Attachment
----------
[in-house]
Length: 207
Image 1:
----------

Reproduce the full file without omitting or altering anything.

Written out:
[in-house]
Length: 207
Image 1: